Movies are coming from more than 150 filmmakers from 11 countries

Martino Lurani Cernuschi, a composer on the film “The Grand Bolero,” plays a modern organ at the church San Carlo al Lazzaretto, in Milano. He’s also the owner of the only theatre organ in Italy.
Photo courtesy “The Grand Bolero”

By Marty Cheek

When it was launched in 2004, the Poppy Jasper International Film Festival was a simple, small-town celebration of cinema. During the past 18 years, it has grown into an arts and entertainment event globally recognized by independent filmmakers.

This year’s Poppy Jasper runs from April 6 to April 13 in various venues in Morgan Hill, Gilroy, San Juan Bautista and Hollister. Guests will enjoy a plethora of independent shorts and feature-length films — 193 from 30 countries — as well as attending panel discussions where they can learn about the art and craft of cinematic story-telling from the men and women who make the movies.

“We have more than 150 filmmakers attending who have RSVP-ed with me,” said the festival’s director Mattie Scariot. “They come from 11 countries, five states and a lot from California. We have filmmakers from Iran, Mexico, China, and Italy. We have four groups of filmmakers coming from England.”

Photo courtesy “The Grand Bolero”
Producer Fulvio Biavaschi, left, and cinematographer Jessica La Malfa discuss a scene of the movie.

Some of the filmmakers will be staying with local people as guests in their homes. Gilroy Mayor Marie Blankley offered to have filmmakers at her home, and she will host a young filmmaker from Mission Viejo who made a comedy horror film.

Among the Italian filmmakers is Gabriele Fabbro, who co-wrote (with Ydalie Turk) and directed the 2021 romantic thriller film “The Grand Bolero.”

“It’s one of the most beautiful films and incredibly well done,” Scariot said. “And Gabriele did it during the pandemic. It’s really good.”

The story takes place in Italy during the COVID-19 lockdown. A gruff middle-aged pipe organ restorer named Roxanne (played by Lidia Vitale) struggles to control her obsessive attraction to Lucia, her new 20-year-old mute assistant (played by Ludovica Mancini).

Film reviewer Jason Delgado on wrote of the film: “The superb performances by Lidia Vitale and Ludovica Mancini, alongside the expert craftsmanship of Gabriele Fabbro, drive the majority of ‘The Grand Bolero.’ Vitale is like a fireball of rage, whose walls meltdown in a subtle but lovely fashion. Mancini gives an exuberant, almost silent film-era performance (but not quite as animated) due to her character’s mute nature.”

Music is an important component in the film’s story, Fabbro said, explaining that he treated the film score as part of the script.

Photo courtesy “The Grand Bolero”
Above: Actresses Ludovica Mancini (left) and Lidia Vitale film a scene for “The Grand Bolero,” a romantic suspense film directed by Italian filmmaker Gabriele Fabbro. It will be shown several times at this year’s festival.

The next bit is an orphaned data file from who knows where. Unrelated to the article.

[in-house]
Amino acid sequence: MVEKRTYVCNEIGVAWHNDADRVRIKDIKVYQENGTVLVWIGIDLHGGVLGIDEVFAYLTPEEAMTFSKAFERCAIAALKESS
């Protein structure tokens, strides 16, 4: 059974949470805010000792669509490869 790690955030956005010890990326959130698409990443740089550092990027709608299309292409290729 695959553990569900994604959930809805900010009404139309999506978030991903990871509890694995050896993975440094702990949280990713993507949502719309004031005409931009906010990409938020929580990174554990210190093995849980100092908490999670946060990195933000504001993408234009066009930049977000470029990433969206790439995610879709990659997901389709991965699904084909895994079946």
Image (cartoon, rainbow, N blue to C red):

“I can’t communicate emotions as well as music does and I don’t think there’s anything that can,” he said. “In all my movies I really try to craft the storyline with the music progression. With this film, especially because it is so musically based, this was the perfect opportunity to showcase that. If people are going to watch the film there’s one thing I want them to feel is the connection between the visuals and the music. Hopefully, by the end of the film, they will open their eyes to the music itself, more than the visuals.”

The film’s composer Sean Goldman received from Fabbro an early version of the script. Reading through the script and having discussions on the characters helped him develop ideas for the score.

“Before the shooting started, we were already putting ideas down,” he said. “What this process allows me to do is spend a lot of time imagining I’m the character and what am I feeling. Having the time just to process those emotions and have them come out on the score was a really nice thing for me to do.”

As the mute Lucia, Mancini found herself learning British sign language, which helped her understand the character’s strengths and weaknesses. This is the Rome-based actress’s first feature film performance.

“I learned so much from Lucia,” the actress said. “My challenge was to put my impression on music, which is the thing that I have for acting. I started to build my character from the needs of Lucia. She wants to be loved. She wants to be accepted. And above all she wants to become an organist.”

Fabbro found himself inspired to write the film’s script when in early 2020 the COVID-19 pandemic forced him to return to his native Italy from Los Angeles when his student visa expired. A “mix of things” helped him develop the film, especially his desire to create a story that featured the wonders of the pipe organ and the haunting music it can make.

“I knew if I really wanted to do a feature, that the pandemic really provided the time,” he said. “As soon as I was back in L.A., I knew I would need to find work so I could pay bills. I couldn’t imagine myself really devoting my full time to a feature film. I think that was the start of writing.”

Both Fabbro and Goldman plan to attend the Poppy Jasper to show off  “The Grand Bolero” to audiences.

The film will be shown at 2 p.m. Saturday, April 9, and 2 p.m. Tuesday, April 12, at The District Theater in downtown Gilroy.